The Turks and Caicos Island’s Barrier Reef
The Turks and Caicos Islands (TCI) are home to the third largest barrier reef in the world. In addition to providing some of the best snorkeling and diving opportunities on the planet, the barrier reef keeps the pristine waters of Grace Bay Beach so clear and blue.
It is not surprise that Grace Bay Beach has been rated the number one beach in the world. The 26 shades of blue are a delight for the eye and the clear water with white sand bottom is a delight for the senses. It’s all because of the geology of the island chain and the protection afforded by the “junior” great barrier reef (since the “great barrier reef” is in Australia).
An estimated 60 species of coral form the reef in the waters off TCI, including staghorn, elkhorn, pillar, brain, sea fans, and sea plumes. The well-preserved reef ecosystem is host to a wide range of aquatic creatures, including yellowtail snapper, Nassau groupers, lobsters, flamingo tongue snails, barracuda, and sea turtles. The reefs are all part of TCI’s national park system and, therefore, remain pristine.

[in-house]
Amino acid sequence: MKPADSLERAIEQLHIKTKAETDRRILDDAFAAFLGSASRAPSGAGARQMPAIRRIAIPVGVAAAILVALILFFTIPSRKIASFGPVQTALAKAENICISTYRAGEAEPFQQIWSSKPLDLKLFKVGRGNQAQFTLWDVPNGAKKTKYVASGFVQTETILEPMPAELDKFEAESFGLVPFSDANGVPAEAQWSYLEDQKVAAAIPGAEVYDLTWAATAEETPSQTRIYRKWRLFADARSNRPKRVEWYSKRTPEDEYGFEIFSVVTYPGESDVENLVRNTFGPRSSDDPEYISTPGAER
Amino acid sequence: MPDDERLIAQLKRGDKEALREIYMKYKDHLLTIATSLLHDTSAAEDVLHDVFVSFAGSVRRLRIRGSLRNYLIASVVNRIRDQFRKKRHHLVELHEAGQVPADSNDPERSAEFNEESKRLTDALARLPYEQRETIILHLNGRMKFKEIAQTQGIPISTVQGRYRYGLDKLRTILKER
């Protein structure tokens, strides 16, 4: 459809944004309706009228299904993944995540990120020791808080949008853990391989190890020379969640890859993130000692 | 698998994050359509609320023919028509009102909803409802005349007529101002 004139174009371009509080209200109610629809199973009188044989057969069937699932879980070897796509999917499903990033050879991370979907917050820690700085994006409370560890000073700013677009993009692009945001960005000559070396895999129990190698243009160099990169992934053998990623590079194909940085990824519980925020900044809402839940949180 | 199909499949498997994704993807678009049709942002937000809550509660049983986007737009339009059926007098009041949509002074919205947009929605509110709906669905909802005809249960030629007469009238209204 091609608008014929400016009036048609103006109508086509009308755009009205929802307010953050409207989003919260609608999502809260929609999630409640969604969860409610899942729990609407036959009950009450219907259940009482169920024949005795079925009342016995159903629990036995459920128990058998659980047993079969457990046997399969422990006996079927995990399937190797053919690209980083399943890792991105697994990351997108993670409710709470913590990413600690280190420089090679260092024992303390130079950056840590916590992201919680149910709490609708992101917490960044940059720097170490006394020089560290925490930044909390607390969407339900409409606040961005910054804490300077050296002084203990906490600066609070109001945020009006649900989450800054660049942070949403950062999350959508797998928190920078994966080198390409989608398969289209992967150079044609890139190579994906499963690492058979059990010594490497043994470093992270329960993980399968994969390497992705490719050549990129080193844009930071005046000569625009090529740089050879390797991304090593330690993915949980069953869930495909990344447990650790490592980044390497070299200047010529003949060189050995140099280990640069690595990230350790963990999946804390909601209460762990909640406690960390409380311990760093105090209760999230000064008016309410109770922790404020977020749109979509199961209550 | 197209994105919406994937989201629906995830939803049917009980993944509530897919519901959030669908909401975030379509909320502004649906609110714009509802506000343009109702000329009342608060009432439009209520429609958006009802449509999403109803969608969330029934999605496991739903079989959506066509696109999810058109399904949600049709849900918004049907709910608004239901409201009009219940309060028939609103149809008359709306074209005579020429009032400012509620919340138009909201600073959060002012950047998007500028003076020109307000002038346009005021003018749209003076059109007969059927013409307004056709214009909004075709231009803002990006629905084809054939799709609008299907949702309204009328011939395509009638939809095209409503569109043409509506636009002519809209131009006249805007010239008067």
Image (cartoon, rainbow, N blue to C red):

For scuba divers, the main attraction is the the Caicos Bank, an underwater shelf that surrounds the Caicos Islands. Most dive sites are easily accessible and located less than an hour from the shore. Popular spots include Grace Bay, Northwest Point Marine National Park and Pine Cay at West Caicos, where divers can see a wide variety of tropical fish, sea turtles, nurse sharks, and eagle rays.
While Providenciales is home to TCI’s best restaurants and hotels, experienced divers often travel to the less-inhabited Grand Turk. The island’s best known dive sites are located within Columbus Landfall National Park. In late winter, divers may even catch a glimpse of migrating humpback whales.
The Turks and Caicos Islands are also unique in that several amazing snorkeling sites are located just offshore. The two best are Smith’s Reef and Bight Reef, both of which are located in Providenciales’ Princess Alexandra National Park. Smith’s Reef, near Turtle Cove Marina, features underwater placards that describe what snorkelers may see when swimming through the vibrant ecosystem. Bight Reef, which can be found right offshore from the Coral Gardens resort on Grace Bay, also includes a marked coral trail with informatory signs.
Most resorts provide complimentary use of snorkeling gear. There are also a number of companies that provide guided snorkeling excursions. For those who prefer to swim or relax on the beach, the barrier reef is also largely responsible for the calm, clear, and beautiful turquoise water that TCI is famous for.